The opening shot is a take on Midnight Cowboy, he was thinking of calling it “Scumbags in the Mist” and it’s based on something that happened to him. I caught up with Conor McMahon at Filmbase just after he’d finished shooting.
(sorry about the sound quality)
With him were Paul Ward, Ciarán Foy and Steven Neeson, who may or may not be Liam’s son…
The true story from Conor:
I was mugged once on Dorset Street. He took my bank card but made me walk with him to the ATM to get money. On the way we veered from casual conversation to “I’ll break yer bleedin’ head in…” threats. It was quite bizarre, him reminding me of the situation and where I stood.
Today though there were a few people wondering what we were up to, including one have-a-go hero. Good to know that there’s still people around who are willing to help!
Well, Philomena said she liked “hard questions” so I decided to ask them “What are you most afraid of happening in the next 24 hours?”
In the video, apart from my loud ramblings and the lovely Emily, are Philomena Fitzpatrick, Bernice McLaughlin, Aoife Moore and Danielle Masterson, all members of both Graham’s and Rachel’s shoots and all members of The Attic Studio.
The lucky guy to the right of this photo in the blue jacket is Graham Cantwell. He’s off out on a shoot with Karl Argue (blessed is he among women!), Philomena Fitzpatrick, Bernice McLoughlin, Aoife Moore, Danielle Masterson, Linda Teehan, Klara McDonnell and Carla McGlynn to shoot a modern take on Ulysses in Dublin.
“Joyce’s Ulysses was his capturing a day in Dublin in literary form.
We have the same opportunity on film and so rather than taking on the Joyce novel, I’m going back to the original Homeric epic, and one aspect in particular, the only man who survived hearing the song of the sirens and survived, because he was saved by the Goddess Aphrodite. So that’s what we’re up to.”
That’s certainly a film that I’m looking forward to! When asked for one word about his feelings, he came back with:
A good way to be! Graham is also a founder of The Attic Studio, which he created with Rachel Rath in 2003. It’s is a community of actors, directors and writers who meet regularly to rehearse, share ideas and network with a priority to explore and create new work.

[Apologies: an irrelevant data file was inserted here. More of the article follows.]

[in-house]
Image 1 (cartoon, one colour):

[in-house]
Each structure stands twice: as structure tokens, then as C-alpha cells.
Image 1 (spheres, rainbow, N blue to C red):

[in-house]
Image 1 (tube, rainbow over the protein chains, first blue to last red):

It’s a tough job but someone’s got to do it…
I sat with the gorgeous Linda Teehan, Carla McGlynn and Klara McDonnell to talk about their role in Graham Cantwell’s short film, a modern take on Joyce’s Ulysses.
The girls are bright, bubbly and their enthusiasm is infectious. They exude confidence and delight in their part in the shoot today and despite the rain really seem to be looking forward to the shoot.
We did Rachel Rath’s shoot last night – it was BRILLIANT. Without giving too much away we shot in Temple Bar in a group, and the reactions of the people around us were priceless.
Yeah that’s an important and fun part of it. We’re out doing our bit but we saw other people out filming – you really get a sense that you’re part of something big, a great project, something very unusual going on.
It’s fantastic to see so much collaboration, so many people coming together for this. I think it’ll be so interesting to see how they put the movie together, what they do and what the finished result will be.
I took a qik video with them as well – I hope the sound quality does it justice!
As the film makers go on their adventures, I find myself also using Qik.com from my mobile phone – though in a noisy environment the sound may not be great quality, especially in a café like Filmbase (lovely coffee and cakes!) with drilling going on outside.
I’ll do my best to keep the background sound down for the next time, but if you’d like to see what’s going on, just click on this link:
If you think any of the videos are just totally un-hearable please let me know by leaving a comment and I’ll see what I can do.
Thanks for the help!